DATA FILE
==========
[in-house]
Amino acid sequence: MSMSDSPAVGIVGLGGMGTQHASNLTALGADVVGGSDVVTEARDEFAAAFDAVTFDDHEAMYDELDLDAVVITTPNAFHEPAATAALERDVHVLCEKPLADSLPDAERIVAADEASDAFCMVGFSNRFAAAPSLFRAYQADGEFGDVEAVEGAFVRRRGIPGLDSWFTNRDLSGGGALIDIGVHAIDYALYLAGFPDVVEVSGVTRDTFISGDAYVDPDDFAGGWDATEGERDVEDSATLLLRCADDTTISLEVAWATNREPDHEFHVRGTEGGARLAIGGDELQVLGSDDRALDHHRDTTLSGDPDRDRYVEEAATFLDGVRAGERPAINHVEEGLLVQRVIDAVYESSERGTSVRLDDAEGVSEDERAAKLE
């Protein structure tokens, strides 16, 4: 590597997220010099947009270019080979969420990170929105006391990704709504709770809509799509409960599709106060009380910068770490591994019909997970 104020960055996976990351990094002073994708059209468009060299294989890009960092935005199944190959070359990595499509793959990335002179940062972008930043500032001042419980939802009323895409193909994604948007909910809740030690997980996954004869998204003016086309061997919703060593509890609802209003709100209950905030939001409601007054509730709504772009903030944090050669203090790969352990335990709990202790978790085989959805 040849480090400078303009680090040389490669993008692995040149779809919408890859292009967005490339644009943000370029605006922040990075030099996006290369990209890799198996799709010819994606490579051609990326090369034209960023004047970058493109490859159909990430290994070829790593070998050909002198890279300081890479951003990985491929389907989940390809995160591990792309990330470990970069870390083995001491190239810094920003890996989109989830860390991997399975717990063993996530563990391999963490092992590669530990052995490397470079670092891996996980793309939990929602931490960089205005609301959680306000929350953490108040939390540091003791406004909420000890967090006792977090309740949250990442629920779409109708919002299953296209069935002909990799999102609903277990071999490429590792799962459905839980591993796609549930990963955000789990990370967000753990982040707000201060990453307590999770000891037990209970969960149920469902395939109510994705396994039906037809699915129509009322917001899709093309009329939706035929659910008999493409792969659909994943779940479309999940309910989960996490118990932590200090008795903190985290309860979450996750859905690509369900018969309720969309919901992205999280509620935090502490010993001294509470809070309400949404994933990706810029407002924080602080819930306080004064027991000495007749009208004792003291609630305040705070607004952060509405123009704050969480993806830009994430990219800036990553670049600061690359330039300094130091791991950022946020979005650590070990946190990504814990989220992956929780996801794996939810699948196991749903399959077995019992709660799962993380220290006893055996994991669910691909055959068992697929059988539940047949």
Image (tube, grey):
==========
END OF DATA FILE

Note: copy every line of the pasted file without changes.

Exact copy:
[in-house]
Amino acid sequence: MSMSDSPAVGIVGLGGMGTQHASNLTALGADVVGGSDVVTEARDEFAAAFDAVTFDDHEAMYDELDLDAVVITTPNAFHEPAATAALERDVHVLCEKPLADSLPDAERIVAADEASDAFCMVGFSNRFAAAPSLFRAYQADGEFGDVEAVEGAFVRRRGIPGLDSWFTNRDLSGGGALIDIGVHAIDYALYLAGFPDVVEVSGVTRDTFISGDAYVDPDDFAGGWDATEGERDVEDSATLLLRCADDTTISLEVAWATNREPDHEFHVRGTEGGARLAIGGDELQVLGSDDRALDHHRDTTLSGDPDRDRYVEEAATFLDGVRAGERPAINHVEEGLLVQRVIDAVYESSERGTSVRLDDAEGVSEDERAAKLE
């Protein structure tokens, strides 16, 4: 590597997220010099947009270019080979969420990170929105006391990704709504709770809509799509409960599709106060009380910068770490591994019909997970 104020960055996976990351990094002073994708059209468009060299294989890009960092935005199944190959070359990595499509793959990335002179940062972008930043500032001042419980939802009323895409193909994604948007909910809740030690997980996954004869998204003016086309061997919703060593509890609802209003709100209950905030939001409601007054509730709504772009903030944090050669203090790969352990335990709990202790978790085989959805 040849480090400078303009680090040389490669993008692995040149779809919408890859292009967005490339644009943000370029605006922040990075030099996006290369990209890799198996799709010819994606490579051609990326090369034209960023004047970058493109490859159909990430290994070829790593070998050909002198890279300081890479951003990985491929389907989940390809995160591990792309990330470990970069870390083995001491190239810094920003890996989109989830860390991997399975717990063993996530563990391999963490092992590669530990052995490397470079670092891996996980793309939990929602931490960089205005609301959680306000929350953490108040939390540091003791406004909420000890967090006792977090309740949250990442629920779409109708919002299953296209069935002909990799999102609903277990071999490429590792799962459905839980591993796609549930990963955000789990990370967000753990982040707000201060990453307590999770000891037990209970969960149920469902395939109510994705396994039906037809699915129509009322917001899709093309009329939706035929659910008999493409792969659909994943779940479309999940309910989960996490118990932590200090008795903190985290309860979450996750859905690509369900018969309720969309919901992205999280509620935090502490010993001294509470809070309400949404994933990706810029407002924080602080819930306080004064027991000495007749009208004792003291609630305040705070607004952060509405123009704050969480993806830009994430990219800036990553670049600061690359330039300094130091791991950022946020979005650590070990946190990504814990989220992956929780996801794996939810699948196991749903399959077995019992709660799962993380220290006893055996994991669910691909055959068992697929059988539940047949």
Image (tube, grey):